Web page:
Abstract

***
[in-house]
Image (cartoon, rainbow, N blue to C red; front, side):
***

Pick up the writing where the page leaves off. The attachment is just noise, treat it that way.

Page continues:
This article focuses on how workplace accidents, a chronic problem in Turkey, are justified by the employers. I conducted my fieldwork in İstanbul’s Tuzla shipyards, where approximately 190 workers have died in work accidents since 1992. The Tuzla shipyards are both a symbol of negative working conditions and chronic work accidents in Turkey, and a site where the definitions, causes, and effects of work accidents are problematized, examined, and contested. What I observed during my fieldwork in the Tuzla shipyards was the crystallization of the political contestation between the prioritization of economic growth versus that of human life. In this article I discuss this ongoing discursive and political clash. Drawing on my visit to the Turkish Shipbuilders’ Business Association (GİSBİR), my conversation with GİSBİR’s responsible person for publications and press, and statements of GİSBİR representatives in the media I demonstrate that employers in Tuzla attempt to justify work accidents as a normal and inevitable phenomenon in this particular stage of development and in the race for economic growth with other developed or developing nations. Employers consider work accidents a necessary sacrifice to secure rapid economic growth which in turn supposed to guarantee social justice, better working conditions and workers’ rights in the future. I argue that this paradoxical approach that requires workers’ sacrifices in terms of work safety today to make work safety a guarantee in the future, results indeed in the indefinite deferral of workers’ rights to live and work in healthy environments.

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